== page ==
Several lawsuits were filed to protest aspects of the election. The last case to be dismissed involved two voters in Maricopa County who complained their ballots had been mishandled; Superior Court Judge Margaret Mahoney dismissed the case by noting that their votes would not change the results.
Aguilera v. Fontes
On November 4, 2020, a voter, Laurie Aguilera, filed a lawsuit (CV2020-014083) against Maricopa County seeking the opportunity for voters to fix their ballots where the ballots were marked using Sharpies. Aguilera said her vote was not counted at the ballot box because of the Sharpie markings, and that poll workers cancelled her ballot and refused to allow her to cast a new one; county officials denied the claims. The claims were dubbed “Sharpiegate” on social media, which the county recorder Adrian Fontes said was “hoo-hah”. Fontes said the ballots are designed to be processed even in the event of bleed-through. Pima County officials described the controversy as false, saying ballots can be tabulated when marked with felt-tip pens. On November 7, the plaintiffs voluntarily dismissed the suit.
Arizona Republican Party v. Fontes
On November 12, 2020, the Arizona Republican Party filed a lawsuit against Maricopa County Reporter Adrian Fontes, seeking an audit of votes in the county. On November 19, 2020, the lawsuit was dismissed with prejudice and the Republican Party’s request for an injunction against Maricopa County denied. In his ruling, Judge John Hannah invited the Secretary of State’s Office to seek payment for attorney’s fees from the Arizona Republican Party, citing a state law that allows for such awards when a party brings a claim “without substantial justification” or “solely or primarily for delay or harassment.”
Donald J. Trump for President v. Hobbs
Centered on a debunked conspiracy theory known as “Sharpiegate”, the “Sharpie lawsuit” from the Trump campaign against Arizona secretary of state Katie Hobbs alleged that legal ballots with stray markings or bleed-through from markers were being thrown out. Stories surfaced on social media claiming that election workers were purposefully having voters mark their ballots with a Sharpie so their vote would not be counted. In response, Maricopa County announced that “Sharpies are not a problem for our tabulation equipment, and the offset columns on ballots ensure that bleed through won’t impact your vote”. On November 4, Arizona attorney general Mark Brnovich announced an investigation; the next day, he said “we are now confident that the use of Sharpie markers did not result in disenfranchisement”. The rumor was also publicly debunked by the Department of Homeland Security.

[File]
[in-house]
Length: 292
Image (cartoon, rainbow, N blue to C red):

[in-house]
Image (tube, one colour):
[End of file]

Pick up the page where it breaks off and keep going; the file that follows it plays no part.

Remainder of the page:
The Trump campaign requested that their evidence be kept secret from the public, but the judge refused to allow the secrecy. The Trump campaign also stated that they had video footage from within a polling area, however, such footage would be illegal if taken within 75 feet (23 m) of a polling area with voters present. The Trump campaign attempted to submit affidavits they collected, but admitted that some of these affidavits were “false” or “spam”; the judge refused to accept the affidavits as evidence, calling them unreliable. Additionally, during questioning, none of the witnesses indicated that they had a basis to believe that their vote was improperly discarded; with the only impropriety raised being election workers pressing buttons for them.
During the hearing, the lawyer for the Trump campaign, Kory Langhofer, stated that the plaintiffs were “not alleging fraud” or “that anyone is stealing the election”, but were disputing “good faith errors.”
On November 13, the lawsuit regarding presidential ballots was dropped, after it became evident that the number of votes potentially to be contested (191) would not overcome Biden’s margin of victory in the state (11,414 at the time, with 10,315 uncounted).
District of Columbia
Michigan Welfare Rights Org. v. Donald J. Trump
Black voter groups in Michigan filed suit in the District of Columbia against the Trump campaign on November 20, 2020, alleging the campaign has disenfranchised Black voters through their attempts to challenge election results in Detroit, Philadelphia, Milwaukee, and Atlanta.
Main article: 2020 United States presidential election in Georgia